In October, poet Abraham Smith will appear. “Abe Smith delivers his poems as if they are sermons,” Lenahan says. “He works himself up into this really agitated emotional state, and his voice is really musical. He’s all over place, his whole body is moving, he’s sweating and shaking and trembling. He doesn’t put it on. He works himself up into a state so he can deliver his poetry off of the page and into the air.
“That’s what I want people to start thinking of when they think of my reading series. People think they’re going to have to sit there and watch someone reading in a monotone. And that is not at all what contemporary writing is about. If it were I wouldn’t be a part of it.”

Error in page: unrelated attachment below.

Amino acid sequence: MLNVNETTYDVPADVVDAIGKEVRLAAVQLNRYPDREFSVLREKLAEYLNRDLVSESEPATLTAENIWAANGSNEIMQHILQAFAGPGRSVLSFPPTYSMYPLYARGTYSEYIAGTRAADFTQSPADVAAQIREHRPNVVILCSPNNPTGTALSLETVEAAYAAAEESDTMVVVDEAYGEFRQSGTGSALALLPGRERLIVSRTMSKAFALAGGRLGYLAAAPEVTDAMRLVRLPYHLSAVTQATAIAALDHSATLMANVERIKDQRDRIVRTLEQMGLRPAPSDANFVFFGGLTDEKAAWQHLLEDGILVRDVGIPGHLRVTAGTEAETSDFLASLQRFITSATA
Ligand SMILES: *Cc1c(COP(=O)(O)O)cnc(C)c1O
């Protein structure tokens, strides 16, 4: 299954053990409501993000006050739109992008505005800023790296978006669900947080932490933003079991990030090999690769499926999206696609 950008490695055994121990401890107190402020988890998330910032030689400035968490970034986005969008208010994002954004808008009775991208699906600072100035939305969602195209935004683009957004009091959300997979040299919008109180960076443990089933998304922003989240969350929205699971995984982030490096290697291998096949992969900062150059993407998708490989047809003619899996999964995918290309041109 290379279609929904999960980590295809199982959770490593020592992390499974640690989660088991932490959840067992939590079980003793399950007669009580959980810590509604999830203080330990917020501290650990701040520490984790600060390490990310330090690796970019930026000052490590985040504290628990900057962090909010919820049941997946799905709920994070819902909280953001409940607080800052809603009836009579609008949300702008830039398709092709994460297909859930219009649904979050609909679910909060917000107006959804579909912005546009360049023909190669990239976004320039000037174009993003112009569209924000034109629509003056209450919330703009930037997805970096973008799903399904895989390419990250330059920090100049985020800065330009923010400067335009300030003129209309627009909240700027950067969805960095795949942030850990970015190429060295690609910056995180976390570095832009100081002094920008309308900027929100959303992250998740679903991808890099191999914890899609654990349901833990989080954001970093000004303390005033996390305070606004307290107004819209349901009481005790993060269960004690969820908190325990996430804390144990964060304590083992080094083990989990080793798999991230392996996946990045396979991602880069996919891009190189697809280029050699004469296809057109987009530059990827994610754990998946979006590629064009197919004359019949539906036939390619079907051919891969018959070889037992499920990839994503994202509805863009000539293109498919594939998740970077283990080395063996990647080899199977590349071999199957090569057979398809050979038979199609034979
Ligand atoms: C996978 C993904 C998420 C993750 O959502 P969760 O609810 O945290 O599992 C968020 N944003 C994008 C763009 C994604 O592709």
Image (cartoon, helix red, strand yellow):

A question about the sing-song reading style of some poets elicits a strong reaction. “We call that ‘Poet Voice,’” she says. Lenahan describes it as “self-satisfied, lofty, full of fluctuations, raising of voice and falling at end of the line, deliberate pregnant pauses. Fusebox is attempting to negate notions of the Poet Voice. Most people think of Poet Voice when they thing of reading, but we don’t privilege the Poet Voice.”
7 p.m. • Saturday, Aug. 11
1800 Rossville Ave.